Location: Knightstown, Valentia Island, Co. Kerry
Church of the Knights of Kerry, St. John’s was built to a design by the great Irish architect, Joseph Wellard, 150 years ago. The earlier church of St John’s at Kilmore having been outgrown by the expansion of the slate quarry and the landing of the Trans-Atlantic telegraph cable. Wellard was master of the art of understatement and produced beautiful little churches which sit so well in their setting. St. John’s is no exception, standing as it does at the head of the village.
The Church stood at the very centre of the debate over disestablishment and was the first church to be adversely affected by it in 1869. Over the years it became grandiose with stained glass windows, memorials to the Knights of Kerry and others by Watsons of Youghal, and Heaton, Butler & Bayne of London – some of the most unique to be found anywhere in Ireland.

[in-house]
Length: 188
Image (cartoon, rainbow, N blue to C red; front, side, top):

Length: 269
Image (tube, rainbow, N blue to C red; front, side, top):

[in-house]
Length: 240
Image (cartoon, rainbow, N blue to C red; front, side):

Three major events in the 20th Century brought on its decline: the closure of the slate quarry; the establishment of the Free State and the closure of the Cable Station. With a dwindling Protestant population, there was little money to maintain it. It is closed to regular worship but opens for two months in the summer to facilitate holiday makers, for an ecumenical Christmas service and regularly hosts musical recitals and lectures.
Created in Knightstown in the grounds of St. Johns Church is a beautiful garden catering for people with disabilities. We all have 5 senses -smell, touch, sight, hearing and taste and it is with this in mind that the garden was established. There is a font on display also depicting various lifestyles over the years of the local people. It was designed by Arthur Shackleton, a grandson of the famous explorer of the same name. It is open to the public.